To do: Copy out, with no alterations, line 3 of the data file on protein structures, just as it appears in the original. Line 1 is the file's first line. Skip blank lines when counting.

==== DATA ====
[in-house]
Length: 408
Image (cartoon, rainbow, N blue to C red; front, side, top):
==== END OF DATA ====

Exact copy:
Image (cartoon, rainbow, N blue to C red; front, side, top):